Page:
Keywords: IT governance, risk management, accounting information systems, IT compliance, knowledge management

 

Share |

Journal Article

Multiple Affective Commitments and Salient Outcomes: The Improbable Case of Information Technology Knowledge Workers  pp97-106

Jeff Bagraim

© Oct 2010 Volume 13 Issue 2, ICIME 2010, Editor: Shaun Pather and Corrie Uys, pp97 - 196

Look inside Download PDF (free)

Abstract

Knowledge workers in the information technology industry typically enjoy global labour mobility and are considered critical to economic growth in developing countries. Organizational commitment amongst these knowledge workers is widely considered to be both improbable and unobtainable. The purpose of this study was to examine the multiple commitments of information technology knowledge workers and to examine the potential outcomes of these multiple commitment. A total of 282 usable questionnaires from knowledge workers employed in senior information technology occupations in both the public and private sector were analysed using a variety of statistical techniques. Particular care was taken to ensure that strict criteria guided the statistical analyses. Affective commitment across three commitment foci (i.e., the organization, immediate manager, and co‑workers) were measured using South African commitment scales derived from the scale items proposed by Meyer and Allen (1993). Established scales were used to measure three outcomes (i.e., turnover intentions, boosting behaviour, and helping behaviour). To assess the contribution of commitment foci in explaining the proposed outcomes, block hierarchical multiple regression analysis was used with a set of control variables entered in the first step. The results of the regression analyses showed a clear pattern illustrating the importance of identifying, measuring and managing commitment foci proximal to matching salient outcomes. Affective commitment to the organisation was a significant predictor of the organizationally salient outcomes of turnover intentions and boosting behaviours. Affective commitment to the immediate manager was also significantly and negatively related to turnover intentions and affective commitment to co‑workers was the only significant predictor of helping behaviours. Overall, the results are both surprising and encouraging. Surprising given the evidence of higher than expected levels of commitment amongst information systems knowledge workers, and encouraging given the amount of variance explained in salient organizational outcomes such as helping co‑workers, lower turnover intentions and an increased propensity to promote the organization to others. The results challenge managers to review their assumptions about the organizational commitments of information technology knowledge workers. The results also suggest the importance of future research to uncover commitment mechanisms that will inform the development and implementation of management practices and policies that enhance commitment amongst information technology knowledge workers.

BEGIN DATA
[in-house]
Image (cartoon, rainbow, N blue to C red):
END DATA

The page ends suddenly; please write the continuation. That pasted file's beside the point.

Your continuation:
Keywords: affective commitment, knowledge workers, turnover intentions, helping behaviour, boosting behaviour

 

Share |

Journal Article

Wiki‑Based Knowledge Management in a Transport Consultancy, a Case Study  pp133-142

Robbert in 't-Hout, Jos Vrancken, Pieter Schrijnen

© Oct 2010 Volume 13 Issue 2, ICIME 2010, Editor: Shaun Pather and Corrie Uys, pp97 - 196

Look inside Download PDF (free)

Abstract